In 1789,  On the balcony of Federal Hall on Wall Street in New York City, George Washington takes the oath of office to become the first elected President of the United States.

In 1803,  Louisiana Purchase: The United States purchases the Louisiana Territory from France for $15 million, more than doubling the size of the young nation.

In 1812,  The Territory of Orleans becomes the 18th U.S. state under the name Louisiana.

In 1838,  Nicaragua declares independence from the Central American Federation.

In 1863,  A 65-man French Foreign Legion infantry patrol fights a force of nearly 2,000 Mexican soldiers to nearly the last man in Hacienda Camarón, Mexico.

In 1864, New York became the first state to charge a hunting license fee.

Robert Fitzroy.jpgIn 1865,  Robert FitzRoy, English admiral, meteorologist, and politician, 2nd Governor of New Zealand (b. 1805) committed suicide by cutting his throat with a razor. FitzRoy died having exhausted his entire fortune (£6,000, the equivalent of £400,000 today) on public expenditures. He was an English officer of the Royal Navy and a scientist. He achieved lasting fame as the captain of HMS Beagle during Charles Darwin‘s famous voyage, FitzRoy’s second expedition to Tierra del Fuego and the Southern Cone.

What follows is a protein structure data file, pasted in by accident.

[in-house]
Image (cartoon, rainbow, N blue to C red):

FitzRoy was a pioneering meteorologist who made accurate daily weather predictions, which he called by a new name of his own invention: “forecasts”. In 1854 he established what would later be called the Met Office, and created systems to get weather information to sailors and fishermen for their safety. He was an able surveyor and hydrographer. As Governor of New Zealand, serving from 1843 to 1845, he tried to protect the Maori from illegal land sales claimed by British settlers.

In 1871,  The Camp Grant massacre takes place in Arizona Territory.

In 1885,  Governor of New York David B. Hill signs legislation creating the Niagara Reservation, New York’s first state park, ensuring that Niagara Falls will not be devoted solely to industrial and commercial use.

In 1889, the first national holiday in the United States was celebrated. The citizens of the U.S. observed the centennial of George Washington’s inauguration.